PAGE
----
If you caught A&E Network’s Freaks and Geeks: The Documentary on Monday night, you were one of the lucky ones. As part of A&E’s new Cultureshock series, which delves into the “untold stories behind watershed moments in pop culture,” we were transported back to the hallways of William McKinley High School, which, for one year at the turn of the millennium, was the setting for one of the greatest TV shows of all time.
That Freaks and Geeks was a “watershed moment” that influenced society years after it aired isn’t really up for debate. It’s a show that not only helped redefine the high school TV show genre at a time when most people were getting gooey-eyed over Dawson’s Creek, but it also championed the underdog, perfectly captured the pain of those awkward teenage years, and starred some of the biggest faces in Hollywood today. Yet unlike those “damn Dawson’s River kids,” Freaks and Geeks was never given a real chance.
A&E’s documentary helps pinpoint why this was. Essentially, it can be boiled down to two things. Firstly, the arrival and immediate success of Who Wants to Be a Millionaire? pushed it out of regular airtime slots, meaning viewers couldn’t rely on a schedule. Secondly, it was just too damn real for NBC Entertainment president Garth Ancier. He just wasn’t into it, so he axed it. But little did NBC know, this move would prompt a huge revenge mission for Freaks and Geeks executive Judd Apatow and creator Paul Feig.
So much love and energy had gone into crafting the show, with scenes, story arcs, and character profiles drawing inspiration from the IRL high school experiences of the cast and crew. The kids that starred in it were life’s weirdos and oddballs, and this was a way to give their stories a platform. They weren’t the gorgeous faces you’d find on shows like 90210, they were way more relatable. But, because of this, NBC told Apatow and Feig that their kids would never make it, they’d never be famous — so the two creative heads decided to prove them wrong.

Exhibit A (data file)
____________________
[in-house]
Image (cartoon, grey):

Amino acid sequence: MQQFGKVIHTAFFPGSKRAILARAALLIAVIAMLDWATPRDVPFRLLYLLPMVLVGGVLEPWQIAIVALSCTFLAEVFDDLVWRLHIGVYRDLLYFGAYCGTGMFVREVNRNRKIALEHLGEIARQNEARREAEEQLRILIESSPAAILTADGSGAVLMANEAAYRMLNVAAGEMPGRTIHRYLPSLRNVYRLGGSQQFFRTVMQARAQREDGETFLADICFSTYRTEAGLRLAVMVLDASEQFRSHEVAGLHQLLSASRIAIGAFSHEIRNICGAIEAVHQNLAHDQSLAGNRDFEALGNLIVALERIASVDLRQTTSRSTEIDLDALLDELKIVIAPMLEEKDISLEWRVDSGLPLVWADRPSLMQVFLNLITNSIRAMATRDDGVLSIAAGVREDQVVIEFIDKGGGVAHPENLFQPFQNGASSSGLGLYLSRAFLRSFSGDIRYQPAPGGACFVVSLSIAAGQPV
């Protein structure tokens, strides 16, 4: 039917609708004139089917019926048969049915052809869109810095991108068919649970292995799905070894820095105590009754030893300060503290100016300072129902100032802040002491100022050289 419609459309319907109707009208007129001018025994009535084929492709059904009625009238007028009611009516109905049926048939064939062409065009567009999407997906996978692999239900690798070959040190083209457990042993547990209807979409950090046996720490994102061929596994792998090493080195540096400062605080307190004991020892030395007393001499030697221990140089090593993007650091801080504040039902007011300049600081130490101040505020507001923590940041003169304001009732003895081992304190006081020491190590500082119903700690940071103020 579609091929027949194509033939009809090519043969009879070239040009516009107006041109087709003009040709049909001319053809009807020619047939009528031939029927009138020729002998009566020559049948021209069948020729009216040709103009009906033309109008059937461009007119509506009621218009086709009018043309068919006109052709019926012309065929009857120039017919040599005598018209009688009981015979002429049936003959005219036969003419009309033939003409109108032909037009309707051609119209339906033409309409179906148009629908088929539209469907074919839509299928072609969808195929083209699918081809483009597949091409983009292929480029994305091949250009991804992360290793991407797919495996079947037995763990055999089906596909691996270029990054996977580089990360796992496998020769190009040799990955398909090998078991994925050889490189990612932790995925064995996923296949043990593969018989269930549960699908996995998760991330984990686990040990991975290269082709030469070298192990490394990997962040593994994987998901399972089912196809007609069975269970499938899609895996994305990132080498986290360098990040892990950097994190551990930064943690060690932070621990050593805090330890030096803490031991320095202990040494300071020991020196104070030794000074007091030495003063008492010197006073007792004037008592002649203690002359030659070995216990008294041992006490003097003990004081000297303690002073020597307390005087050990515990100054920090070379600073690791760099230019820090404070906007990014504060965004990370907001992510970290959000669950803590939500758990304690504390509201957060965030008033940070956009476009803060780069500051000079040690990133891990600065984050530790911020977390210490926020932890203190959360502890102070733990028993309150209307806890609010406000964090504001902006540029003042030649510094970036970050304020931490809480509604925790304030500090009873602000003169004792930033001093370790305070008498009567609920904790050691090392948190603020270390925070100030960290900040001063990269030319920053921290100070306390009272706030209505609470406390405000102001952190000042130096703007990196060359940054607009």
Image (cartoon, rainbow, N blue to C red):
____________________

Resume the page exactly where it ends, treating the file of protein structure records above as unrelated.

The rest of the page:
As Apatow describes in the documentary, he decided to take control of their collective creative destiny. He and Feig wanted to nurture their talent pool and create opportunities to turn these alternative teenagers into Hollywood stars. And that’s exactly what they did. The following list is but a mere surface-scrape of the major movie and TV projects that have materialized as a result of Apatow and Feig’s direct and giant “fuck you” to NBC. And it is glorious.
Pineapple Express, Superbad, This Is the End
Freaks and Geeks connection: They were all written by Freaks and Geeks star Seth Rogen (and Evan Goldberg) and, with the exception of This Is the End (although the filmmakers still held him up as a direct inspiration), produced by Apatow. They all starred Rogen, while fellow Freaks and Geeks alumni James Franco, Steve Bannos, and Silicon Valley‘s Martin Starr appeared in two of the three movies.
(In Freaks and Geeks, Rogen played Ken Miller, Franco played Daniel Desario, Bannos played Frank Kowchevski, and Starr played Bill Haverchuck.)
The 40 Year-Old Virgin
Freaks and Geeks connection: Written, directed, and produced by Apatow, and starring Rogen and Bannos.